Most of us have seen Rain Man; some may even have read The Curious Incident of the Dog in the Night-time and from this you may have an idea of what someone with autism may be like. You may also be starting to build a picture of what Joseph is like, so before I tell you about his difficulties, I would like to share with you an extract from the National Autistic Society as to their definition of autism.
It is a lifelong, developmental disability that affects how a person communicates with and relates to other people, and how they experience the world around them.
It is a spectrum condition, which means that, while all people with autism share certain difficulties, their condition will affect them in different ways. Some people with autism are able to live relatively independent lives but others may have accompanying learning disabilities and need a lifetime of specialist support. People with autism may also experience over or under-sensitivity to sounds, touch, tastes, smells, light or colours.
People with autism have said that the world, to them, is a mass of people, places and events which they struggle to make sense of, and which can cause them considerable anxiety. In particular, understanding and relating to other people, and taking part in everyday family and social life may be harder for them. Other people appear to know, intuitively, how to communicate and interact with each other, and some people with autism may wonder why they are ‘different’.
Autism is part of the autism spectrum and is sometimes referred to as an autism spectrum disorder, or an ASD.
The three main areas of difficulty which all people with autism share are sometimes known as the ‘triad of impairments’. They are:
- difficulty with social communication
- difficulty with social interaction
- difficulty with social imagination.
It’s actually a fantastic explanation and everyone with autism is indeed different. Not every 7 year old is the same so why would you expect everyone with the same label to be a mirror image?
In the early days when I dared to mention my son had autism, people would often say “Does he freak out when he is with other people? Does he not like loud noises? Does he repeat everything? Where is he on the spectrum?” I am sure none of this was meant with any ill intention and people were trying to display some of the knowledge they had about autism. At the time Joseph was diagnosed, I wondered where he was on the spectrum even though that didn’t mean a great deal to me at the time. I suppose I was looking for someone to tell me, “he’s not very autistic” The reality was, a test isn’t done to tell you how far on the spectrum he is and I doubt if I said “oh he’s three quarter’s the way up” it would actually mean anything to anyone. It more than likely goes back to my earlier post in that we seem to crave a label. For what it’s worth (and although it was never documented) a comment was made by the Clinical Psychologist that he was probably mid-way. I took comfort from that, in that it meant that he probably wouldn’t be the child laying on the floor without any communication whatsoever. It was as if someone was cruelly asking “if your child had to have some sort of disability, what disability would you want?”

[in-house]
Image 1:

I have been blessed to have a brilliant circle of friends and family who have been extremely supportive over the years. And whilst trying to find out more about the condition itself, they have also tried to find out more about Joseph and how to communicate effectively with him and make sure he has everything he needs when we’re together.
First and foremost, I like to see Joseph as my son and secondary to that, his condition. His autism is not the first thing I see when I look at him, it’s his beautiful smiling face. I am fortunate enough that the people we surround ourselves with, view him in exactly the same way; just as Joseph.
I am certain all parents would agree that being a parent is probably the hardest job we’ll have. For me, parenting a child with autism is challenging to say the least, as I am never fully confident that I know Joseph’s level of understanding. I try to parent him as any of my friends would parent their children and then make allowances as a last resort. In reality I am probably tougher on him than I probably should be as I don’t want to use autism as an excuse. It would be easy to adopt the approach of “Joseph can’t do this because he has autism” or not tell him off “because he has autism”. He is still a 7 year old boy and will do a lot of what your own children do; be mischievous and push the boundaries along with the fun stuff; chasing, tickling and playing in the park. He’s no different in that respect.
Joseph has hit most of the milestones late and is immature, but he is also very tall for his age. People who don’t know him would look at him and expect more, thinking he is older than he actually is. This can sometimes present a problem when out in public, if Joseph flaps his arms or make a funny noise unexpectedly, because to look at him he looks no different to any other 7 year old.